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Women in (Short) Horror Month Sinister Seven, Day 3: Zena Dixon

Friday, February 22, 2019 | Short Films

This Women in Horror Month I’m celebrating some of the women who focus on short horror films.  Every day from now until the end of the February, I’ll be featuring a new Sinister Seven interview with a different short horror film director to talk about what it’s like to be a woman in the business of giving us big scares in small doses.

Now, you may be wondering, “Bryan, didn’t you just do an interview with Zena Dixon not that long ago?”  Well, you’re right, I did.  But she’s delightful and I wanted to get her involved with this project so why don’t you just back off?  Plus, she’s got some great insight below into the joys and challenges of creating short horror films and the obstacles she faces as a black woman in the industry.  So give it a read.  You won’t be sorry.

What attracts you to the short film medium?  If you’ve also done feature length movies, how do they differ (other than length)?
The short film medium boils down to the story’s essentials. This has become attractive to me with the increasing responsibilities I’ve been having the past few years. If I have a lunch break or am preparing for bed, I can feel complete after viewing a short film. I wish to offer this same pleasure to others.  I’ve worked on feature length movies that offered a grander journey of plot and emotion. Sometimes, that grander journey contains unessential elements that take away from the story.

Edgar Allan Poe believed that a good short story achieves a “singular effect” that elicits one strong emotion from the reader throughout.  Do you believe this to be true of short films?
I agree that one emotion is conjured beyond others, but I believe that a short film can achieve multiple effects. You have more elements to work with aside from words. For example, you can offer vibrant lighting and upbeat music contrasted with a slow-burn, possession plot.

A lot of short films have an independent, DIY vibe.  What are some of the benefits and the challenges of making films in those circumstances?
Some benefits of short films include a straightforward approach to film-making, a smaller team with less moving parts, and participants who will likely work in other capacities outside of their original positions. It’s always fun watching the guy who brought the donuts try to figure out how to put the sandbags on the t-stands. Some challenges include budget, equipment, and locations. Raise your hand if you’ve ever filmed in a place you weren’t supposed to!

Do you deliberately convey your experiences as a woman through your short films, or do you just make a film and whatever comes through is incidental?
I convey my experiences as a woman through my writing. My Twitter feed, online articles and short stories have always been my outlet for these experiences, while my short films tend to derive from dreams or conversations with others. These gender-neutral experiences often stay in my mind, forcing their transformations into full-fledged stories that I can share through film.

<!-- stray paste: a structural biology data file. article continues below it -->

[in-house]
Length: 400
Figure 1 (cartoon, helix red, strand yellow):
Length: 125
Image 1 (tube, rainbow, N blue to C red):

With countless stories of misogyny affecting feature productions on both studio and independent films alike, do you find you get to bypass some of those issues and have more control on these short film productions?  Are there still hurdles that you face as a woman that men wouldn’t have to deal with?
There are still many issues I deal with as a woman, especially as a black woman. I find that I’m disregarded as a filmmaker, and even as a lover of the genre. While on a film set, I’m often challenged on how my film “should” look or what it should be about. The hard truth is that it’s not just the men. I’ve had other women who did not want to work with me because of my gender. I’ve even been told that I don’t look like a horror fan or filmmaker.   

What advice would you give a woman looking to make their first short horror film?
Learn and prepare as much as you can. A boxer was once asked, “What was the key to having such a long career?” He said that he learned how not to get hit as much. Getting hit multiple times will reduce anyone’s stamina, no matter the magnitude of the blow. There are two ways to reduce getting hit: don’t fight or practice fighting before the fight. The more you learn and prepare, the better you will be able to handle yourself in this fight for your passion, especially when a fight comes that you didn’t foresee. Also, surround yourself with people that are willing to fight for you and the project.

What are some short horror films created by women that people should be seeking out (of course, please include your own)?

  • Robin Shanea’s Paralysis (watch trailer) focuses on a photographer with a sleeping disorder. When she moves into her new apartment, she fears she may not be alone.
  • Sabina Graves’ short horror Tahootie (watch full movie) follows a family who hold their breathes when they drive through tunnels.
  • My recent short film SHE (watch full movie below) introduces the world to a new wave of killers.

Also, look forward to my weekly “Friday Feasts” on RealQueenofHorror.com, where I showcase horror shorts from incredible filmmakers.

Keep up with Dixon and her work via:

SHE from Zena D. on Vimeo.

Bryan Christopher